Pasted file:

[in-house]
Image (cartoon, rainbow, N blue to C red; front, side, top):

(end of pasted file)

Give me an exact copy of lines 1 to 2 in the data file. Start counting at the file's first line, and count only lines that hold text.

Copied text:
[in-house]
Image (cartoon, rainbow, N blue to C red; front, side, top):